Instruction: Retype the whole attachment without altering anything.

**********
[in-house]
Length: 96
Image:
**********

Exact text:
[in-house]
Length: 96
Image: